There are many articles, conferences and general banter about Smart Communities, Smart Cities and IOT. – AND – I am not complaining, because it is an area of great opportunity and a place where North America lags much of the world in implementation. Any attention is good attention, as far as I am concerned, and it is an area where I would love to see flourishing activity.
I have been working in this space for close to twelve years and I will not be the first to tell you that IOT and Smart Buildings have been around for a long time. I know people that have worked on it since the late 80’s. I don’t know the answer as to why the adoption has been slow, but I would like to take this opportunity to demystify the whole concept. So much attention is given to the solutions and possibilities and little to what is actually required to yield the benefits. A good analogy is that everyone is focusing on the shiny ornaments that will hang on the Christmas tree, rather than the tree itself and the beauty of the ornament is nothing without the tree.
So what does this Christmas tree really look like?
The starting point is the network and I realize that IP protocol is not exciting and switching has become commoditized, but it is the basic starting point of any Smart Community IOT initiative. If you can’t connect the things, you can’t listen to what they are saying and you can’t tell them what to do. We all have to make our presentations to Executive teams and explaining the network is not always the simplest thing, especially when it requires an investment. I always use the analogy of the human nervous system. We don’t have nerves exclusively for sight, for hearing, for touch, and for motor activity in our muscles, we have one central nervous system connecting all things within the body. Our central nervous system reads all the sensors and becomes the pathway to make us react and do things. It is same with connected communities.
The second component is interfaces or places where people can get visibility into what is going on in the community. If you want to change behaviour for enhanced sustainability, you have to be able to present the option to the person to decide to set back the thermostat. If you want security, people need to see cameras in the community and be able to engage in dialog around safety and security concerns. If your security alarm goes off, you want people to be notified. The Christmas tree is a giant communication platform with multiple ways to communicate with the people engaged in the overall system.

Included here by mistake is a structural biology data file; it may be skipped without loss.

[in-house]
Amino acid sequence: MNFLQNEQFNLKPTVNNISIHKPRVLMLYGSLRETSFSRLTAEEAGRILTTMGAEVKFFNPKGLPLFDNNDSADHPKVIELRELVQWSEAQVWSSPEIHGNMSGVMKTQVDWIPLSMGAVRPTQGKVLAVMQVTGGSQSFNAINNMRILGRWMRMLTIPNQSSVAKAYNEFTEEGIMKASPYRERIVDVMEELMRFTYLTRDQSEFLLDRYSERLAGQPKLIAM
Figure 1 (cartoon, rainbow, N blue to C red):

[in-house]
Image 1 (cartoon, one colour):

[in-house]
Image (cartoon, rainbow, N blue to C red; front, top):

The third component is compute, or cloud, which is term that I generally don’t use, because the media has beaten it to death. The compute is the brain, reading the sensor inputs and telling parts of the system what to do and providing messaging to the people in the system. Here is the place for Artificial Intelligence and Machine Learning, completing an ecosystem that can scale and deliver services that matter.
Fundamental components for a Smart Community
My last frustration with IOT and Smart Home is that it is not about dimming the lights and turning down the music when your girlfriend comes over or changing the colours of lighting. All very cool stuff, but save it for the magic show. It is generally not what the mass market wants and needs.
I believe that it is about services that matter, and technology that becomes invisible, supportive, but not invasive. I always break it down into sustainability, security, and services.
Once the three components are in place, there is an endless opportunity to create solutions that leverage the network, interfaces and computational power to create better places for people to live. Smart cameras can intelligently assess bad situations and tell people about it. Time of use energy rates can be communicated and acted on in real time to save you money and contribute to a sustainable environment. Integrated and automated locker systems can deliver on-line orders to your community fulfillment centre.
SmartONE solutions is a smart community company that focuses on the delivery of all components to create a smart community. We build networks and are leveraging the Commax smart community platform from Korea. In my multi-year pursuit of smart communities, I found that the North American Smart Home providers have focused on homes and not a bunch of homes that share common infrastructure. The North American systems are not built to have 700 people looking at the same front door camera, or controlling the same main entrance. In Korea, however, every building has a Smart Community solution and they have integrated parking and package delivery solutions. I typically give the analogy that the system is a giant intercom. It is video phone hardware first and a smart home and community system second.
I am excited about this work, because I can clearly see the impact and the opportunity to create better places for people to live. I know that it is cliché but,
It is not about the technology, it is about the people and creating services that matter!